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Monday, December 5, 2011

Freedom from Financial slavery

YEAR: 1926
PAGES: 144
PRICE: $9.99(Amazon Price)

The key to wealth resides with those who understand the principles that govern financial success. George Clason in his book “ the Richest Man in Babylon” explains these principles; how money can be generated and how it can be continually sustained to generate more income.

‘ A part of all you earn is yours to keep’, that part as Clason points out in this book can be as little as a tenth of one’s earning with which more wealth can be acquired. With this he proposes seven cures that will prop our purses to fattening; Start thy purse to fattening (with a tenth of one’s income as explained earlier); Control your expenditures; Make the gold multiply ( invest the money in some other venture that would yield additional income); Guard thy treasures from loss; Make of thy dwelling a profitable investment (building one’s own house); Insure a future income (pension scheme); Increase thy ability to earn.

The author makes use of parables to drive home his point on financial independence. The story telling approach makes the readers to better relate with principles that is espoused here. Although the parables are written in ancient English, but the messages in the stories, carry a lot of meaning.

The book addresses issues of gainful investment rather than gambling. It explains the fact that regardless of the amount one earns, more can be made out of it. The history of Babylon which the reader explains in the last chapter, opens ones mind to the fact that a nation can be developed with limited resources but the leadership in place, determines what the nation would eventually become.

From the brief description of Babylon, we are let into the fact that Babylon only had a fertile soil and a river, no other natural resource to aid in what became known as a nation from where the richest men emerged.

The role of work cannot be under emphasized and from the parable, it’s importance is highlighted:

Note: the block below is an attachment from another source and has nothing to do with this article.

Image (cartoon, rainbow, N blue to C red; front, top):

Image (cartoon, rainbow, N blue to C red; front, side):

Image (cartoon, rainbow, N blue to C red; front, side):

...If thou get a master, work for him as hard as thou canst. If he does not appreciate all thou do, Never mind. Remember, work well done, does good to the man who does it. It will make him a better man..(page 125)

..Work has become my best helper. It has enabled me to recapture my confidence and my skill to sell (page 132).

Asides the fact that one needs to save a part of their income, Clason makes it clear that it is not enough for one to just save, but that money needs to generate more income, hence the need to make profitable investments. After identifying the need to work, it is clear that there is always a time for one to move to become one’s own boss, after learning the skills that would be needed and asking questions from those who have gone ahead in that business line to avoid incurring loses.

Although in this book, the idea of one becoming an entrepreneur is highlighted in the form of a slave and master relationship, but it’s purpose is not defeated. The book is a total package, a strong weapon to deliver us from the pangs of financial slavery. It is not enough to spend over half of one’s time on earth serving others, with no strategy on becoming their own boss hence no savings, people literally ‘spend’ everything as they earn.

From the parable, we understand that entrepreneurship is a risk especially at the onset, but gradually the benefits becomes obvious. Life offers a lot of opportunities to the patient smart/hard workers; it is not an easy or fast route but like we often hear, there’s “dignity in labour”.